The thing about cinema is that it’s an often very literal art form that takes what is often very metaphorical or performance art about stage productions and has a hard time supplanting it for the audience. For “Hedwig and the Angry Inch,” it’s a very good cult rock film that often feels like it has to be seen on stage in order to soak in the true experience. I’m not trying to take away what a cult classic John Cameron Mitchell’s musical drama is, but I couldn’t quite help but feel that “Hedwig and the Angry Inch” could have been much more appreciated as a live show.
Adapted from the musical, John Cameron Mitchell plays Hedwig, born a boy named Hansel in Communist East Berlin, who dreamed of finding his other half and becoming a big American rock star. In order to marry and emigrate to America, Hansel must “leave a little something behind.” Hedwig survives a botched sex change operation that leaves her with an “angry inch” only to be stranded in a Kansas trailer park. Hedwig dons makeup and a Farrah Fawcett wig and forms a rock band-The Angry Inch. While supporting herself with babysitting gigs, she falls for a 16-year-old Jesus freak she renames Tommy Gnosis. Tommy steals her songs and becomes the rock star Hedwig always dreamed she’d be. All the while Hedwig performs in hopes of obtaining fame and adulation.
“Hedwig and the Angry Inch” packs a great energy about it, and director-writer John Cameron Mitchell is able to bring so much of the electricity on to film. As Hedwig, he’s a flawed and often unusual protagonist that manages to confront her own inner demons and use it as a means of building on her music and performance art. Much of Hedwig’s life is uncomfortable with elements involving sexual abuse, and search for and identity. Only for her to have it robbed once again with Tommy takes her music and uses it as a means of building an iconic career. Along the way, Hedwig reflects on so much of her life which mixes in fantasy sequences interspersed with sexual liberation.
Sex is often used in the film as a means of conveying certain emotions, from fear, and tension, to violence, and even surrealism. John Cameron Mitchell knows how to make sex such a potent element of his storytelling, relying on it to convey his relationship with an African American GI who literally forces him in to sex change. There’s also the humorous moment when Tommy meets Hedwig while he’s taking a bath. John Cameron Mitchell is very good in a movie that requires him to carry most of the narrative, and Michael Pitt works well, playing a great concept of the feminine and masculine sexual energy and appeal that consistently eludes Hedwig.
That said, “Hedwig and the Angry Inch” is a very niche film and even art house lovers might have a tough time enjoying the narrative. The story jumps pacing way too much, often resulting in a jarring experience, and confusing story structure. It’s tough to figure out what is fantasy and what is merely just narration, and there’s never a ton of indication whether or not Hedwig breaks the fourth wall or not. The finale is also incredibly ambiguous, resulting in a final scene that’s left up to interpretation and isn’t wholly as satisfying or complete as it should have been. While I didn’t take to “Hedwig and the Angry Inch” too much, it has great energy and electric music that will grab a new audience.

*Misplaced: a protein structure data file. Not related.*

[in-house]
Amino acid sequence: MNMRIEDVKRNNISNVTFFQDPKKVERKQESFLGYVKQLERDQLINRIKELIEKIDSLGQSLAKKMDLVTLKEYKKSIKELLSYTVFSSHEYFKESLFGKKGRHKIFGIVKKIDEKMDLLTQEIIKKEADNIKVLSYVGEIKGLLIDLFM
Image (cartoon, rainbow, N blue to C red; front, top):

The physical bells and whistles include a 54-page illustrated booklet featuring an essay by Stephanie Zacharek, along with, production photos by Potter and costume designer Arianne Phillips, illustrations by Hubley, and excerpts from two of the films inspirations, Plato’s Symposium and The Gospel of Thomas.
The Criterion release includes the remastered Trailer for the film. A “Hedwig” Reunion is a new hour long program created exclusively for Criterion with actor/director John Cameron Mitchell, cinematographer Frank G. DeMarco, composer Stephen Trask, and other contributors, all of whom recall their work on Hedwig and the Angry Inch. The Music of “Hedwig” is a half hour program created exclusively for Criterion with music critic David Fricke and composer Stephen Trask. They discuss the soundtrack of Hedwig and The Angry Inch. 2003’s Whether You Like It or Not: The Story of Hedwig is an eighty six minutes archival documentary that takes a closer look at the conception of the character of Hedwig, as well as her appearances in the off-Broadway productions as well as David Cameron Mitchell’s film. There’s the inclusion of clips from archival interviews with various cast and crew members.
The chapters include Beginnings/SqueezeBox, The off-Broadway years, The Jane Street Theatre, Hedwig numbers 207, Hedeads and more. From the Archives is a forty nine minute archival program that gathers footage/materials with a closer look at the film’s conception and themes. The materials were provided by, and are discussed by, John Cameron Mitchell, costume designer Arianne Phillips, and hair stylist Mike Potter. Produced by the Sundance Film Channel in 2001, Anatomy of a Scenes is a twenty minutes archival documentary that examines the creation of the Adam and Eve sequence from Hedwig and the Angry Inch. There’s a thirteen minutes collection of Deleted Scenes, all presented with an optional commentary. Finally there’s an archival audio commentary recorded in 2001 featuring John Cameron Mitchell and cinematographer Frank G. DeMarco.